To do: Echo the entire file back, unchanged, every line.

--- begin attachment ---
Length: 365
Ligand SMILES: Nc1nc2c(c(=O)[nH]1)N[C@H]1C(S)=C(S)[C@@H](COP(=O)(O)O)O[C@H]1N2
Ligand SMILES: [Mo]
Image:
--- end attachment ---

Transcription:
Length: 365
Ligand SMILES: Nc1nc2c(c(=O)[nH]1)N[C@H]1C(S)=C(S)[C@@H](COP(=O)(O)O)O[C@H]1N2
Ligand SMILES: [Mo]
Image: